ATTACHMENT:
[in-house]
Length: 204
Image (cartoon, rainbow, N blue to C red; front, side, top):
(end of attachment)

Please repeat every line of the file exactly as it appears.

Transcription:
[in-house]
Length: 204
Image (cartoon, rainbow, N blue to C red; front, side, top):